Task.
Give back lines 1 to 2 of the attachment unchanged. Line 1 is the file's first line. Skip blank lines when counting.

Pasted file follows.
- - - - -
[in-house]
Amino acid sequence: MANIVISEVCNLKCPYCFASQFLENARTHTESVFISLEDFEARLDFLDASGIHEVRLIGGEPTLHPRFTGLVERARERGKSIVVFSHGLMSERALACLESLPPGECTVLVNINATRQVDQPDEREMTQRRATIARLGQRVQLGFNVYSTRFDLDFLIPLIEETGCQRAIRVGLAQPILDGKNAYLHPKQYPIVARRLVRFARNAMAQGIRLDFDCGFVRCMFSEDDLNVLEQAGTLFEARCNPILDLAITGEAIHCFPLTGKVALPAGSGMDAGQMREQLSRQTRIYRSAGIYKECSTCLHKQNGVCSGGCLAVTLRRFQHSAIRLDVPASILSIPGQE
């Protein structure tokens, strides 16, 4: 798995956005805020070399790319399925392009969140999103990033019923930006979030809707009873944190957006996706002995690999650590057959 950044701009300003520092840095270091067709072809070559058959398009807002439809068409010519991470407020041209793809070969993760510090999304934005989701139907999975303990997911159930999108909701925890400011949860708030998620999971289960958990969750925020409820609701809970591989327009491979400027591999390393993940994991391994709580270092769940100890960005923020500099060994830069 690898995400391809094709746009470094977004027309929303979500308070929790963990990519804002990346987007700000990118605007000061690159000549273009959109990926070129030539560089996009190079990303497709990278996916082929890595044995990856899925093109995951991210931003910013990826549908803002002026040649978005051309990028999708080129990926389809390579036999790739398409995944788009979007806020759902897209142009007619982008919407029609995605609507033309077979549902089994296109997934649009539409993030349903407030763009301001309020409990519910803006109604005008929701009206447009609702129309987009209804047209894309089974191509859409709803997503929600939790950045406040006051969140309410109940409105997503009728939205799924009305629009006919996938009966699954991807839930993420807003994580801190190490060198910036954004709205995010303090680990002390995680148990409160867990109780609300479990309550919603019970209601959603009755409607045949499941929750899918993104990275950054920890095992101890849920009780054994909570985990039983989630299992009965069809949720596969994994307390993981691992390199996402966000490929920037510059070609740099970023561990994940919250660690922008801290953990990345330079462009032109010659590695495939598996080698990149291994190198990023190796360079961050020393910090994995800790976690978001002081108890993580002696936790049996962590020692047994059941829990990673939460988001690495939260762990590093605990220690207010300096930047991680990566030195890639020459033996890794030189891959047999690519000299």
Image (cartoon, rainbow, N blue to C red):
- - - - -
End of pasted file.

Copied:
[in-house]
Amino acid sequence: MANIVISEVCNLKCPYCFASQFLENARTHTESVFISLEDFEARLDFLDASGIHEVRLIGGEPTLHPRFTGLVERARERGKSIVVFSHGLMSERALACLESLPPGECTVLVNINATRQVDQPDEREMTQRRATIARLGQRVQLGFNVYSTRFDLDFLIPLIEETGCQRAIRVGLAQPILDGKNAYLHPKQYPIVARRLVRFARNAMAQGIRLDFDCGFVRCMFSEDDLNVLEQAGTLFEARCNPILDLAITGEAIHCFPLTGKVALPAGSGMDAGQMREQLSRQTRIYRSAGIYKECSTCLHKQNGVCSGGCLAVTLRRFQHSAIRLDVPASILSIPGQE